Let’s Say It Again: Wood Pellets Are Not a Sustainable Fuel Source

The burning of wood pellets—a growing energy source in Europe and elsewhere—is bad for forests and climate, according to a new report.

In Europe, wood is classified as a renewable, carbon-neutral energy. But that claim doesn’t hold up, according to a new report published last week by the London-based think tank Chatham House. The sustainability of woody biomass as fuel is exaggerated, the report says, resulting in negative effects on the global climate and forest ecosystems.

The burning of woody biomass—often in the form of lightweight pellets of wood pulp—at power plants to produce electricity and heat has increased in recent years, and most of the demand comes from the European Union. That’s because, according to E.U. policies, burning wood emits zero carbon. As such, it’s a vehicle to meet E.U. goals to reduce carbon emissions by 20 percent and source 20 percent of its energy from renewables by the year 2020. However, recent studies have shown that wood pellets are not all that renewable or sustainable. T. Edward Nickens reported on the change in scientific understanding in a 2014 Audubon feature:

According to E.U. policy, wood pellets are considered a carbon-neutral fuel source, based on the principle that regenerating forests will eventually recapture the carbon released when the trees were cut. But a growing chorus of scientists and conservationists points to new research showing that harvesting, transporting, and burning trees for large-scale energy production actually produces a “carbon debt” that isn’t repaid for 35 to 50 years—an eon in the rapidly shrinking timeline of climate change.

The new report summarizes recent evidence and concludes that wood pellets (or biomass) are far from carbon neutral. Wood itself releases more carbon than coal for the same amount of energy produced, for one. Additionally, the most common production for woody biomass—the harvesting of full trees that are then created into pellets shipped worldwide—is not considered in government analyses, and as a result the costs of tree harvest and transport are ignored. Most analyses assume the pellets are made from timber scraps and waste.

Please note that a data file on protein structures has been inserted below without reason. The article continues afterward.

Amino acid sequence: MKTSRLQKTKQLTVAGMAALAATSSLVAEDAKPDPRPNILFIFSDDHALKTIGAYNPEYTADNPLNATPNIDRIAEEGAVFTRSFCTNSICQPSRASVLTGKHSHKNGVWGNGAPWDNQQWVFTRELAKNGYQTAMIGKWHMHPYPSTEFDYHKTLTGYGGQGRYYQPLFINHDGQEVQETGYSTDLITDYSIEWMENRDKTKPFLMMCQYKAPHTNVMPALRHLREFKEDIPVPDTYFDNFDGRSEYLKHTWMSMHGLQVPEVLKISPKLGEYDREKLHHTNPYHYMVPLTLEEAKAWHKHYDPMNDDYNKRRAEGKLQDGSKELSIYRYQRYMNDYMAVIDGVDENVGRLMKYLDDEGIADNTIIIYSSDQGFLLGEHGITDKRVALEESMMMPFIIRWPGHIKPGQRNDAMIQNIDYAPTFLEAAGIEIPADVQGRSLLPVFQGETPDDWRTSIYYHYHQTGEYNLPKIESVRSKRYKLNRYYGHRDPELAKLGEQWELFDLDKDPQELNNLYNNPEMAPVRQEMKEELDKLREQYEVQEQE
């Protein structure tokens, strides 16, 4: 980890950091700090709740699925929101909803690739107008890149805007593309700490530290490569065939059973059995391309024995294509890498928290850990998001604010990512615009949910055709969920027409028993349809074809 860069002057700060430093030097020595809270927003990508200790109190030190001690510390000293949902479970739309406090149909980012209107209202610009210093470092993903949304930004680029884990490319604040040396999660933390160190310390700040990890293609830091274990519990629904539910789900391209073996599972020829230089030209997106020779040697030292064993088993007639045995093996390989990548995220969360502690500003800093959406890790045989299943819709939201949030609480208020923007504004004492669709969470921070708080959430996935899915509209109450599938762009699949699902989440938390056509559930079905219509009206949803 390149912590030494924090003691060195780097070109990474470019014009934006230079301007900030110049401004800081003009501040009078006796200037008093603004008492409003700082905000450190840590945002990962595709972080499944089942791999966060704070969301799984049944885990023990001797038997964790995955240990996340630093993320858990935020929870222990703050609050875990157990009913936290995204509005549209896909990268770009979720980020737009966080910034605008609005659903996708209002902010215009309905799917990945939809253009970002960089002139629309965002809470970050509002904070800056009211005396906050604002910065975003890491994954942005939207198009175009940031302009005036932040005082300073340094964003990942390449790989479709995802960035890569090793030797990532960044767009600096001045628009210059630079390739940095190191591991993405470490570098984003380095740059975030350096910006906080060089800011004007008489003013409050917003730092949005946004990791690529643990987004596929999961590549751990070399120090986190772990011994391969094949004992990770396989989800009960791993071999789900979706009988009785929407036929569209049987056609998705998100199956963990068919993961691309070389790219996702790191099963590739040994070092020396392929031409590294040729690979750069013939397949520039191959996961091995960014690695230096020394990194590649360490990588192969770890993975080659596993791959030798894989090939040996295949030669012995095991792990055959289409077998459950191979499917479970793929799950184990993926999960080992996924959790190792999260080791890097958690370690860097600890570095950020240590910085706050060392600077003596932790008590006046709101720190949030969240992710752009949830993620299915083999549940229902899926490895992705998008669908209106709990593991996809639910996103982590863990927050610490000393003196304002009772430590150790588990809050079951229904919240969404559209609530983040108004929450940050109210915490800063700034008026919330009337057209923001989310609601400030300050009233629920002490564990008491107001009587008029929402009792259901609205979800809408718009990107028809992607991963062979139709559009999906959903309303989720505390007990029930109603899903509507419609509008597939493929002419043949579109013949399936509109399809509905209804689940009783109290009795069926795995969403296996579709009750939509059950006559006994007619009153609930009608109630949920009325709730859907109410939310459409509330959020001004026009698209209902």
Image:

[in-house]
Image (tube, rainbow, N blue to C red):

Crucially, the report takes on the main thrust of the argument in support of wood pellets: that they are a carbon-neutral fuel because, even as they are burned, other trees are growing to re-absorb the carbon elsewhere. The author of the report, Chatham House Energy Fellow Duncan Brack, does not mince words:

These arguments are not credible. They ignore what happens to the wood after it is harvested (emissions will be different if the wood is burnt or made into products) and the carbon sequestration forgone from harvesting the trees that if left unharvested would have continued to grow and absorb carbon. The evidence suggests that this is true even for mature trees, which absorb carbon at a faster rate than young trees. Furthermore, even if the forest is replanted, soil carbon losses during harvesting may delay a forest’s return to its status as a carbon sink for 10–20 years.

Beyond climate change, the production of wood pellets has real effects on forests and wildlife—and far closer to home than Europe. Wood pellets plants are being developed throughout the southeastern United States, and experts already worry about the health of the forests. Two years ago, Nickens wrote:

Much of the timber used to make pellets comes from the South’s bottomland hardwood forests—brooding groves of cypress, tupelo gums, sweetgums, oaks, and poplars. Sixty percent of the 30 million acres of hardwood bottoms once found in the Southeast have already been destroyed to make way for agricultural land and timber tracts. The woodlands that remain cloak river corridors and swamp borders with dark, Gothic forests that serve as critical habitats for such birds as Cerulean and Prothonotary warblers and 28 other species of conservation concern, 14 of them listed in Audubon’s newly released report on climate change. Conservationists also worry that in upland forests, the skyrocketing demand for pellets could accelerate the conversion of natural forests to short-rotation pine timber, which would be a devastating blow to local biodiversity.

Despite the evidence against wood pellets, the industry isn’t slowing down. In 2015, the pellet trade from North America to Europe increased by 15 percent over the previous year, reaching 6 million tons. That trade is supported by industry growth in the southeast U.S., where 22 wood pellet plants are currently operating and a dozen more are proposed, according to the Southern Environmental Law Center. Unfortunately, it seems it’s going to take more than a think tank report and a reminder to get in the way of this rapidly expanding industry.